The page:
Whatever we are running from, we need to face. It is only by confronting our fears that we can name them for what they are and conquer them in view of moving forward in our lives.
This can be especially daunting as it involves taking responsibility where appropriate for things we might have hitherto blamed on others or on things outside of our control.
With something like an addiction for instance, we might have blamed on things or people that gave us stress and so we turned to alcohol or drugs or some other substance or activity to numb the anxiety. The fact of the matter is, however that very rarely are negative thought patterns nor behavioural traits completely outside of our control to regulate.
Now, an important aspect of confronting the gremlin is recognising which activities we have engaged in or not done in order try and block him out of thoughts. Perhaps you have a massive temper issue… and whenever negative thoughts surface, you get violent and destructive in an attempt to take your mind away from them…? Or do you turn to a debilitating addiction to numb the pain temporarily? Or are you a chronic workaholic… and you’re working yourself into the ground to try and escape? Or maybe with your load of guilt and regret you’re expending yourself unreasonably on a gigantic mountain of good deeds in an effort to appease yourself.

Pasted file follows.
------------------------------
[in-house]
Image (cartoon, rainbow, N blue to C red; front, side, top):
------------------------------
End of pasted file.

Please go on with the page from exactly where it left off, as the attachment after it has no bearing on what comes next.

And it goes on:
Or… what are you not doing in your vain attempts to keep your past at bay? Perhaps you’ve been abused or burnt by partner or friend and you’re terrified of trying another relationship… or finding new friends… and you withering away with loneliness… Or you don’t want to get a job because your last one was pure torture…
There is a vast multiplicity of methods we contrive to subdue the pain of our past… and ultimately every method is doomed to fail.
Having confronted our past, the next critical step is displacement.
Displacement entails that we take decisive and proactive steps to replace our negative thoughts and habitual behaviours. Instead of pressing snooze 12 times in the morning get up and get going when your alarm goes off. Instead of having whiskey numbers 2, 3, 4 and 8… have 5 glasses of water. Instead of going to the pub to gamble away your earnings… go for a walk!
The opportunities for positive alternative steps are endless…
Now the natural response is ‘huh! It’s easy for you to say that – it’s much harder to do in real life’ and don’t I damn well know it! Displacement is about desisting from what we’ve been doing and more importantly replacing that behaviour with something else. We can never defeat the gremlin by removing him then leaving our subconscious in a vacuum. It’s imperative that we fill the void with a positive alternative.
The third step momentum involves maintenance of a displacement regimen. Or in other words, we keep doing the positive things until they become unstoppable habits. Momentum is like the roaring waterfall that maintains the pure transparency of the lake.
You can do it my friend.
Cody has studied psychology and self-help strategies for many years and is very passionate about helping others to fulfill their potential and live happier lives. You can read more articles from Cody on his blog – www.quantumcoaching.nz/